Summer 2012 – The In Between

Woohoo, my 101st blog post! When I began this blog I was purely an amateur fine art photographer who practiced architecture as my full-time job. Four years later I’m a professional photographer who does a bit of architecture on the side. The bittersweet part of becoming professional is that I rarely get to shoot all the things I purely shoot for fun. So on the occasion I have that chance, I certainly savor the moment. It’s been a busy summer with many jobs and a lot of travel on the behalf of my clients. These are a few photos I’ve managed to capture in between.

This morning scene with dissipating fog was captured a few hundred feet away from a commercial shoot I had about 30 minutes outside of Winston-Salem. As I waited for the sun to rise and light the east face of my building, I turned and saw this sight down the road. I realize the ‘tree in a field’ is cliche, but I still consider it beautiful to see in person. So I snatched up my other camera, swapped a lens, and jogged over to capture this scene – then jogged right back to start my architectural shoot.

Sunrise over East Bend (2012)

I had an evening architectural shoot that had to be cancelled, so since I was in a photography mood and had a full moon, used it as an excuse to go downtown. That night I took a different view of the former Progress Energy (now Redhat) building than I did last year.

Raleigh Lights (2012)

A few weeks later I traveled near downtown in the morning to take a tilted photo of an old auto sales building.

Dew Motors (2012)

In late July, I took a rare stab at portraiture at the request of one of my friends, Kestrel.

I had obligations for three different clients between Winston-Salem and west North Carolina. On my most recent work-related trip, I took an extra day or so to visit places I didn’t get to see during my last trip to the mountains. I stayed near downtown Asheville where I captured a long-exposure on Tunnel Road.

Tunnel (2012)

Okay, so let me tell you what happened AFTER taking this photograph. It’s near 11pm. It’s a dimly lit area and I’m heading back to my car which I left at the hospital complex. I’m dressed in a t-shirt, shorts, Yankees cap, and bulky backpack with tripod strapped to it, slightly sticking out. It’s dark, it’s late, and I have a lot of expensive equipment on my back so I’m especially cautious.

As I returned towards the hospital campus, a car sides along next to me, the window rolls allllll the way down, and a white man, seemingly in his 60s is trying to get my attention. The area is well-lit but totally empty on the weekend. Drawing on all of my previous experiences walking around urban areas at night, I’m thinking to myself, Oh crap maybe it’s a doctor and he’s wondering what I’m doing in the area, immediately proceeded by Holy cow, what’s he doing rolling his window down like that, is he nuts?!

In a guarded manner I asked, “Yes, can I help you?” which for my followers outside of the southern USA, roughly translates into, “What you looking at?”

That’s when I notice what I presume to be his wife in the passenger seat, with an unfurled paper map as he inquired, “Yeah, uh – do you know where Patton Avenue is?”

Chalk that up as something that’s never happened to me before. To put this in proper perspective – since the age of 18, my experiences walking to destinations at night have been radically different, treated with much suspicion, no matter how safe or unsafe the area may be. It’s happened with police in major metro areas, it’s even happened repeatedly on my own college campus walking back to my dorm room from the architecture building at 3 a.m – wondering what I’m doing. When I was an amateur photog city patrol drew weapons on me in broad daylight only to be relieved I was just holding a camera (good story, laughs had by all). As a photographer, particularly one who captures the isolated urban and rural settings I prefer to shoot, you’re accustomed to attracting suspicious eyes. However, as a black photographer often mistaken for younger than my age, I’ve come to expect being interrupted with double the frequency – with or without a camera in hand. So I’m accustomed to getting stopped by SOMEBODY in public or semi-public areas. The last thing I’m anticipating is being asked for directions.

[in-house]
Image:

Already taken aback (which is no easy feat) and having helped them out, the couple then went out of the way to offer me a ride – which by then must’ve made my jaw DROP. 😮 I politely declined, partially because I was almost at my destination but also I didn’t want this nice couple to begin thinking that offering strangers a ride at 11pm was a good idea – even if it was only Asheville. I’d hate for it to become habit forming and have to see their kind, unassuming faces plastered on the 10 o’clock news, you know? In the current American sociopolitical climate, it was a refreshing relief and certainly provided me a bit more faith in humanity, even if as a temporary respite.

The next day I had the time to take two easy to moderate hikes that I didn’t get to take last fall, one to Linville Falls and the other to Crabtree Falls.

Linville Falls (2012)

Lastly, this was at an overlook on the Blue Ridge Parkway or a highway close to it. Think it was Highway 221. All I remember is I got asked for directions here too. 😉

share via social